In this chapter we are interested in exploring the complex issue of equality and social justice in a democratic education. Our purpose is to approach the topic of education for Indigenous people in a way that acknowledges the fragility of our human relationships and the uncertainty and tentative nature of working in democratic spaces. Our intention is to interrupt your understanding of taken-for-granted notions of equality and social justice, and we employ a postcolonial theoretical perspective in order to engender a sensitive approach to these issues in relation to the Australian Curriculum. We introduce the colonial nature of a 'democratic' education, understood as a process through which those who are not yet part of democracy are included in it. That is, people considered to be 'inside' and already democratic determine who will be included and who will be excluded.2 Jacques Ranciere has argued that a claim from the outside based on a perception of injustice is a claim made in the name of equality. 'Those who make the claim do not simply want to be included in the existing order, they want to redefine the order in such a way that new identities, new ways of doing and being become possible.'3 A democratic education then becomes a process of transformation in the name of equality. To engage in discussion of these issues we look at the relationships between our colonial heritage, education policy making in Australia and the necessary struggle for a socially just curriculum.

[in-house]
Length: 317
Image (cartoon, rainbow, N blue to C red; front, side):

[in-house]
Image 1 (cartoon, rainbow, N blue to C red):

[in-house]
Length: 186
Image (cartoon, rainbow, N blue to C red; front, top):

|Title of host publication||Understanding Curriculum|
|Subtitle of host publication||The Australian context|
|Place of Publication||Melbourne|
|Publisher||Cambridge University Press|
|Number of pages||18|
|Publication status||Published - 2014|